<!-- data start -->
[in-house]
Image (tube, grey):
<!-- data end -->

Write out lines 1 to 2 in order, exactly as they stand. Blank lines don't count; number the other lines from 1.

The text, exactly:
[in-house]
Image (tube, grey):